In early November, JLL SSA team members had the privilege of participating and speaking at the first West Africa Property Investment Forum in Accra Ghana held at the brand-new Kempinski Hotel that had recently opened its doors to the public – an ideal location for investors and real estate professionals interested in West Africa to meet, dialogue and exchange ideas. A key topic foremost on everyone’s minds remained what should investors expect from both Anglophone and Francophone West African economies in 2016 and beyond? Several speakers sought to shed light on this topic through-out the two days conference with a focus on the key countries of Nigeria and Ghana in Anglophone West Africa, and Ivory Coast in Francophone West Africa. Below are some of the key highlights:
Anglophone West African Economies (Nigeria & Ghana) – the waiting game
2015 has been a particularly challenging year for Anglophone West African countries starting with the news of Ebola earlier in the year and then the falling oil and other commodity prices post summer. This has adversely affected oil-producing countries such as Nigeria and Ghana impacting their currency values. Nigeria for one has seen its currency devalue by over 8% in 2015 with an expectation amongst investors of further value decrease.
To counter the risk of devaluation, the Central Bank of Nigeria (CBN) has sought to take steps to stabilize the currency by establishing Forex Controls. For instance they have eliminated the interbank FX markets, and established a restricted list of items that can be purchased using FX obtained from the CBN. The restrictions have had an opposing effect particularly on the retail space. With 46% of items on the list related to retail and a backlog of Form M applications (used to obtain FX) at the CBN, the changes have impacted inventory levels and restocking for retailers. Additional CBN led measures that have been put in place to restrict the use of FX based transactions in the economy has further “rattled” investors who have seen their cost of doing business in Nigeria suddenly increase.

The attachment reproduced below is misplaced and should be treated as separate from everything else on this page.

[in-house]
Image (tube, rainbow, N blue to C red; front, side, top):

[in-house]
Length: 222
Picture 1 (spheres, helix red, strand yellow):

The net result is a “wait and see” approach amongst investors in Nigeria for 2016. The Nigerian economy is still expected to grow albeit slower than in the past few years. The new administration has been seen thus far as focusing more on corruption vs the economy, but this is expected to change with the much anticipated announcement of the president’s cabinet. A re-prioritization by the government on the economy is anticipated with new policies to grow the economy and encourage the flow of investment capital to Nigeria. As such an increase in FDI investments in Nigeria is projected for 2016. In addition, President Buhari’s anti-corruption stance though stagnating the economy in the short-term, is expected to bolster a recovery in the mid to long term as some of these reforms take effect and begin to have a positive impact on investor sentiments.
Nigeria’s next door Anglophone neighbour Ghana has also been undergoing similar challenges. The Ghanaian currency experienced significant fluctuation in 2015, moving from a 3.3% decrease in value in Jan, to 4.9% in June with a recovery 3 weeks later to 3.2%. This volatility was due to hedging mechanisms pursued by currency speculators, the IMF 3 year Extended Credit Facility of 918M USD, and the increased cocoa inflows, all of which positively influenced the currency reserves and helped improve liquidity.
Nonetheless, further devaluation is expected for 2016 as the county continues to struggle with an energy crisis, high inflation and lower commodity prices for not only oil, but gold and cocoa as well. FX availability in Ghana remains a challenge. The scarcity of FX has begun to affect prices as investors prioritize availability over price. The effect has particularly been felt in the retail spaces as the erosion of purchasing power amongst consumers has had an impact on profitability. As a result, the Ghanaian currency is expected to further depreciate by up to 20% during the first half of 2016 – a 4.9% decrease. This will be driven by the poor availability of FX especially in the first half of the year as inflows tend to come in during the 2nd half of the year – another “wait and see” scenario.
Thera are certain measures investors can take to counter the effect of this currency volatility as they participate in the “waiting game” in Anglophone West Africa. Three potential solutions include:
- FX hedging: Take advantage of a forward contract that locks in exchange rate or the dollar equivalent of the local currency, at a specific point in time.